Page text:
No fanfare, or announcements about the large bequests. Philip Roth worked with an estate planner to create an estate plan that would promote his wishes, and we are now learning about notable parts of it. For example, he left more than $2 million to the Newark Public Library.
How much money did Philip Roth have in his estate and what’s being done with it?
We don’t know.
Because he left all his asset in a trust, and that information is not publicly available the way it would have been through probate.
We do however know about the public bequests such as the library donation.
This WSJ article (available here if you have a subscription) does a nice job of summarizing the various bequests we know of so far. Here are some highlights:
Philip Roth not only had an affinity for writing, but wanted to promote the writing of others and access to the writing of others. His $2 million endowment for the library is managed by the community Foundation of New Jersey, and specifies that the interest from the fund be used only for books or materials for the library’s general collections – not capital improvements.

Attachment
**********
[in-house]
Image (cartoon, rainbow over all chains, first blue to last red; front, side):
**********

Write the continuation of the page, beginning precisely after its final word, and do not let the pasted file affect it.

Mr. Roth left roughly 7,000 books to the library, along with a separate “significant” fund to help manage that collection. It is believed that this collection will attract literary tourists from around the world. He left instructions for how the books should be handled, and even picked out the room for them to be housed himself.
Mr. Roth left “a substantial amount” to the John Simon Guggenheim Memorial Foundation along with the royalty rights for his book sales to support fellowships like the one he received from the organization.
Perhaps Philip wanted to follow in the footsteps of Andrew Carnegie who founded libraries in areas he had a personal connection with.
We see a success story from Newark going above and beyond to support Newark and other institutions that supported his success. From an estate planner’s perspective:
We can see the success story of financial privacy.
We can see the success story of specificity in how the estate should and should not be handled, making it more likely his wishes are followed.
We can see the success story of incorporating royalty rights into the estate as part of a charitable contribution so that they don’t need to be valued as part of the taxable estate.
Planning ahead can make a big difference when it comes to estate administration, which can be complicated. The professionals at Garden State Trust Company would be pleased to help you create a similar success story, and ensure that your financial legacy matches your wishes.